Not long ago, I was driving down California’s I-5 late at night, making what I refer to as the Drive of Dreams—cruising the long stretch of highway from San Francisco to Los Angeles. It was during the tail end of my drive between the two iconic cities when I became bored of my usual concoction of music playlists and decided to explore the real estate of my Apple Music subscription a little more fully. With my beautiful wife sleeping peacefully in the passenger seat and feeling contemplative behind the glow of headlights, I began sorting through the “Chill” category and finally settled on a playlist fittingly entitled “Mood.” A song called “The Juice” by an artist named HERO began playing and a dark 80’s synth beat with a smooth R&B voice filled the car. It was the type of song that perfectly matched the vibe of nighttime reveries. I immediately grabbed my phone to add the song and the EP from which it came—VHS POP—to my library. I played the song on repeat for the rest of the weekend and it has remained a solid fixture in my aux cord decisions ever since.
Soon after discovering HERO and his incredibly swaggy/sultry EP VHS POP, I sought to follow the artist on social media in order to stay up to date on new music, as one does in our digital age. I had a surprisingly difficult time finding his accounts at first, and when I did I was even more surprised to find a Twitter and Instagram account each with less than 1000 followers. It was then that I realized just how unknown the Canadian R&B artist has confusingly remained, even with a song like “The Juice” that currently has over half a million plays on Spotify, 300,000 plays on Soundcloud, and recognition from the playlist editors at Apple Music.
In an effort to inform the world of the irresistibly good music of HERO and his unique fusion of self-produced R&B/retro pop, I reached out to the artist from Calgary, Alberta and asked him a few questions.
Let's talk about the hit track from VHS POP that a lot of people have streamed online. “The Juice” currently has over half a million plays on Spotify and 314,000 on Soundcloud. Did you anticipate it would be such a hit?
I had a hunch that the song would do well based off reactions I would get when I played it for people, especially girls. I had no idea it would be the biggest track off the EP though.
In our social media age, there have been a lot of unknowns like Chief Keef, Bobby Shmurda, Desiigner, and Rich Chigga who have come out of nowhere with a fire track and because it goes viral they are able to establish a huge platform of loyal followers and have a career pretty much overnight. With you, your music seems to have made the rounds online as well, but your own social media presence has remained small. Why do you think that is?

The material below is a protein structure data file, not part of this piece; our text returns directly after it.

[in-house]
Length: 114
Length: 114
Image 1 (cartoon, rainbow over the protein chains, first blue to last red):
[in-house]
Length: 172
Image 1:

That’s the thing I don’t think my music has really "made the rounds online." It's weird, there’s been a lot of love from Spotify and Apple Music, but most of the major blogs and publications want nothing to do with me. Even getting a premiere for VHS POP was a nightmare; no one wanted to cover it.
You also have to remember that the genre those other artists are operating within is one of the biggest on the planet—[rap and hip hop] are already a huge part of the cultural lexicon. It doesn’t hurt to have a celebrity cosign as well. I’m not trying to take anything away from them, but it’s worth mentioning.
Now, when you consider what I do—this sort of weird mash-up of various genres such as disco, retro pop, dance and R&B—it can take a bit for people to warm up to it. I make songs built off pop structures and arrangements but they're just not as straightforward genre-wise, which I think might turn some people off. I usually notice one of three reactions people have to my music, they either: A) Love it B) Don't f*** with it at all C) Don't really like it, but then a month later it's all they listen to.
There's a lot of Canadian artists that have been popping off for a while now—Drake, Justin Bieber, The Weeknd, Tory Lanez, PARTYNEXTDOOR to name a few—but they all have one thing in common: they're all from Ontario. What is it like being an artist trying to make it from Alberta?
I love the city where I grew up but it can be uninspiring at times. It's a great place if you want to be stable or comfortable but not much else. It’s not really a place to take risks. It’s been changing for the better over the years but it still has some ways to go.
Your music and your overall aesthetic have a real retro vibe. Where do you get a lot of your creative inspiration from?
In terms of writing, just real life situations, whether it’s stuff I've experienced in the past or things I'm currently living through. It's hard for me to talk about anything else. VHS POP was all about what was going on the last two years of my life up until that point. Outside of that, frustration, horror films and rock & roll.
What are you working on right now?
The new EP and designing/composing the live show.
What's the dream you're working toward?
Where do you see yourself in three years?
Alive and hopefully still sober.
Robbie Tripp is a writer, public speaker, and creative activist. He is the author of Create Rebellion, an abstract manifesto for disruptive creativity. He lives and creates in San Francisco with his beautiful wife Sarah. Learn more at www.robbietripp.com.